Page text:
A new Suffolk County law has been introduced to help curb the improper disposal of personal protective equipment, in light of the rampant littering of masks and gloves during the COVID-19 pandemic.
The Suffolk County Legislature unanimously approved the bill — the first of its kind in New York State — prohibiting the improper disposal of single or multi-use PPE in any public location, other than a trash bin, during a disaster or state of emergency.
Violators would received a $250 fine for their first offense, $750 for a second offense, and $1500 the third time or any time afterwards. Warnings may be issued for first-time offenders.
Legislator William Spencer, a physician who also represents the 18th district, introduced the bill. “Our law imposes a fine, however our goal is not to have residents pay the fine, but to incentivize our public to be responsible,” Dr. Spencer said in a statement. “Once finished using disposable PPE, folks just need to find the nearest receptacle and throw it out — it’s really that simple.”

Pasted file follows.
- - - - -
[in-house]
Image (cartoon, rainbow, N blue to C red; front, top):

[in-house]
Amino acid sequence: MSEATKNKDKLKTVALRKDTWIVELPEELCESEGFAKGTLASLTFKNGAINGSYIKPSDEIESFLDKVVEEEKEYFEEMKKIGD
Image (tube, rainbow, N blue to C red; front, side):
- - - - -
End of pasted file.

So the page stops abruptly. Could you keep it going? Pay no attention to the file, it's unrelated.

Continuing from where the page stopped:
County Executive Steve Bellone is expected to sign the bill into law next week.
According to the bill, the PPE “harbors germs and other bacteria which make it a public health hazard,” that can perpetuate the spread of viral infections.
This is both a public health issue and environmental issue, according to Suffolk County Police Chief Stuart Cameron. “Wearing gloves and a face cover can help prevent the wearer from making others ill. It is clearly the responsible thing to do during this public health emergency, however proper disposal of these items is also imperative to prevent the spread of illness and keep everyone safe,” he said.
Nassau County legislators hope to pass a similar law. “We need a unified commitment to eradicate PPE litter from Great Neck to the Hamptons,” said Nassau County Legislator Josh Lafazan in the statement.
Suffolk residents have been proactive about cutting down on the plastic pollution “only to take a leap backwards by littering with used PPE,” said Adrienne Esposito, Citizens Campaign for the Environment.